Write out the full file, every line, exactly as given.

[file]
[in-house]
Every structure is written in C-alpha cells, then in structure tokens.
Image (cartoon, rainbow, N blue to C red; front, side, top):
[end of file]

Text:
[in-house]
Every structure is written in C-alpha cells, then in structure tokens.
Image (cartoon, rainbow, N blue to C red; front, side, top):